GCSE ICT - Single Award

What's it involve?

This one is governed by the Edexcel board. As of yet, I'm not exactly sure what it involves, or even when it takes place, but these details will be coming soon! The exam is based around a Case Study, which this year, will be about a school.

Until details, here's some revision...


Why network? There are a number of advantages:

  • Share software. (buy a licence).
  • Access your files from any computer in network.
  • Share printers.

Great, huh? The only trouble is the disadvantages:

  • If server goes down, everything fails.
  • If a printer dies, no computer linked to it will be able to print.
  • A broken computer can break the links in certain types of networks, causing them all to go down.

It's important to remember these factors, naturally...

What do you need?

A server. This could be a file server, a print server, or a web server (usually for email). The server can be Peer-to-peer or a client server. It’s likely to be a client server network for a school because Peer-to-peer is used for less than 10 computers.

A way of connecting computers. The two main ways are with cables or with wireless -- sending info through microwaves. The three types of connecting through cables are: Ring Network, Star Network, Bus Network. The most reliable is the Star Network.


There are two types of networks, a WAN network and a LAN network.

WAN stands for Wide Area Network while LAN stands for Local Area Network. From that it's pretty obvious that WAN in huge ones located all around the world, e.g. the T-Mobile phone company and LAN is used in small businesses that are located in one building, such as the school from the Case Study.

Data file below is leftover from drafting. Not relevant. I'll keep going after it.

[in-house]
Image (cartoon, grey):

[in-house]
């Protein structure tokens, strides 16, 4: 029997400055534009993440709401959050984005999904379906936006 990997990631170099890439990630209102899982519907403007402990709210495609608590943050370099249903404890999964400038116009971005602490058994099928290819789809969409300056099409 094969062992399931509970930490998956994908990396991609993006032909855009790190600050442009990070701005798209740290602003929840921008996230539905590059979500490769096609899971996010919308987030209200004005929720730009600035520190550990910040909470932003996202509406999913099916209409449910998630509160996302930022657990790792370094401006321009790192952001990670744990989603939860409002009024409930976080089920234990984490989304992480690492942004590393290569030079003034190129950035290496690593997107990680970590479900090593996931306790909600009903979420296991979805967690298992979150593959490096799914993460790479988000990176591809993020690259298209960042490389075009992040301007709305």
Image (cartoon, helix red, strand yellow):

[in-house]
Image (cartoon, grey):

And that's pretty much all you need to know on networks!

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These are very nifty because they allow you to store a load of data, and sort it...

However before we go onto them, we need to know what data is...


The raw facts that have been collected in Data Collection.

Example: “100” “Bitesize fish” “4.00 p.m.” and “Loch Ness” “40 pounds” are all pieces of data - not very useful as they stand.


Data that has been given context and meaning. Taking the previous examples of data, by rearranging and adding some additional words, we get a piece of information:

"100 Bitesize fish were caught at 4.00 p.m. at the Loch Ness. The average weight was 40 pounds."


Using information to make decisions.

For example: "The population of Bitesize fish in the Loch Ness has increased by 10% for the last three years, and is expected to rise again. We need to find extra fish tanks for these extra fish.”

Shock! Horror! A forumula and we're not in Maths? It's true:

Information = Data + Context (Meaning).

Inputting Data

Before any data can be input into the computer, naturally it has to be collected. This process is called data collection and can happen in many different ways, such as questionnaires, forms, bills... The data can also be input instantly into the database, for example with online electronic forms for Internet shopping, or barcodes in shops.

But for any data to be input into the database, first you need to make the database. It's important to know the parts of a database. The 'headers' are known as fields, while each row of information on a particular item is a record.

For example:

StudentID FirstName Surname TelephoneNo DoB
1 Jenny Armitage 012345 11/04/91
2 Barney Arton 678910 23/07/91

"StudentID" is a field, while all the info about Barney is a record.

The good think about databases is you can set rules for when you input data, to try to stop errors occuring. This is known as validation. Simple ones are:

  • Auto Number - assigns each record a unique number.
  • Text - any type of character can be inputted.
  • Number - only numbers can be inputted. They can't start with 0 though.
  • Date/Time - data input in these ways.
  • Yes/No - Inserts a check box.
  • Lookup Wizard - You decide on a number of answers that appear in a drop down box.

More complex ones require you setting real rules. Take the DoB field above. In most cases, you'll know the age range, and therefore you can set maximum and minimums. < means smaller than. > means greater than. This is called range checks.

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All text copyright © 2006 to EJ Taylor. Page Template created by James Taylor. Site created: 10 April, 2006. Last revised: 2 August, 2015